search of transitional areas where dammed
reservoirs give way to the current of the rivers
that feed them. Trevathan has also published
Coldhearted River: A Canoe Odyssey Down
the Cumberland and Paddling the Tennessee
River: A Voyage on Easy Water.

MC ASSOCIATE PROFESSOR of History Dr. Aaron Astor
has been recognized as this year’s recipient of the Richard H.
Collins Award, presented by the Kentucky Historical Society
(KHS). Accompanied by wife Samantha (left), Astor accepted the
award during the KHS Annual Meeting and Kentucky History
Celebration at the Old State Capitol in Frankfort, Ky., on Nov. 8.
The award is a part of the Kentucky History Awards
program, which recognizes outstanding achievement by
historians, public history professionals, volunteers, business
and civic leaders, communities and historical organizations
throughout the commonwealth.
A Civil War scholar, Astor has written several books and
is a frequent contributor to the New York Times’ online
“Disunion” series.



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MC welcomes
new educators
FOR 2013 -14

IN THE FALL, Maryville College welcomed two
new faculty members.
Dr. Shankar
Ghimire is a visiting
assistant professor of
economics. He earned
a master of arts degree
in applied economics
with a concentration
in development
economics and a Ph.D.
in applied economics
from Western Michigan University. His research
interests include foreign aid and development,
Foreign Direct Investment/outsourcing, trade
policies and exports, trade and development,
globalization and migration.
Dr. Alexa Shutt,
visiting instructor
of exercise science,
received her bachelor
of science degree
in education from
the University of
Memphis, where she
majored in consumer
science and education
with a concentration in
dietetics. She received her master of public health
degree and Ph.D. in health and human science
from the University of Tennessee-Knoxville.
Shutt has 10 years of nutrition and health



rubber stamped mural

DR. CARL GOMBERT, Maryville College professor of art, recently completed a unique rubber
stamped mural that covers the second floor hallway wall in the Clayton Center for the Arts’ art and
recital hall building.
The installation is composed solely of one- to three-inch black ink images stamped onto the white
walls. The mural, which has a working title of “Creation Myth,” features geometric designs of varying
stamp patterns. The stamps chosen for the project were not selected with a single, central theme in mind;
rather, the images are intended to resonate with different individuals, depending on their association and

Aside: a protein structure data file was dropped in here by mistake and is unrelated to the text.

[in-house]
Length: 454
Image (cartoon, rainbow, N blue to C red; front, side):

relationship to the object or image represented by the stamp, Gombert said. Stamps include butterflies,
garden gnomes, sharks, cars, pretzels, pineapples and guitars.
Gombert, whose rubberstamped art has been selected for
several juried exhibitions, hopes
the installation will serve as an
opportunity for similar projects in
the future. He believes the mural
is the largest rubber stamped
drawing in the world and has
submitted information to the
Guinness Book of World Records.
Smaller versions of
Gombert’s work are available
for purchase at

DR. BILL SWANN, associate professor of music and chair of the Division of Fine Arts,
recently performed with Grammy award winner Gregory Porter.
Swann, along with the Knoxville Jazz Orchestra, performed with Porter as part of the
ensemble’s “Jazz is for Lovers” Valentine’s Day concert on Feb. 13 at the Bijou Theatre in
Knoxville. Swann has been a pianist for the KJO since it was founded in 1989.
Just two weeks before the Knoxville concert, Porter’s album “Liquid Spirit” took home
the Grammy for “Best Jazz Vocal Album.”
“Performing with Gregory Porter was a blast,” Swann said, noting that due to a flight
delay, there was no time for a dress rehearsal. “Even so, the band sounded great and
Gregory was delighted with the level of musicianship in the orchestra. After the concert,
he said he would be excited to come back and perform with the Knoxville Jazz Orchestra
again.  He is a consummate performer, with a great sense of what needs to happen vocally to
make a song work.”


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LESS THAN SIX MONTHS after his inauguration, Maryville College President
Dr. William T. “Tom” Bogart pulled together a steering committee tasked with
developing a plan that would guide the College into its bicentennial year. Inspired
by scripture from Isaiah 40:31, Bogart announced that the theme of the plan would be
“Renewing Our Strength: Maryville College’s Bicentennial and Beyond.”
The strategic plan steering committee, co-chaired by Dr. Barbara Wells, vice president
and dean, and Carrie McConkey, regional advancement officer, was made up of a
total of 14 faculty and staff members. The goals of the committee’s work included: 1.)
building community around the College’s mission and core values; 2.) educating the
MC community about the challenges faced by the College; and 3.) setting the direction
for renewing the College’s strengths so that it could be better positioned for the future.
Four workgroups, involving more faculty, staff, students and alumni, convened to
focus on four specific areas: student success, curricular innovation, environmental
stewardship and partnerships.
Forums, meetings, surveys and draft plans resulted in a vision statement – “Maryville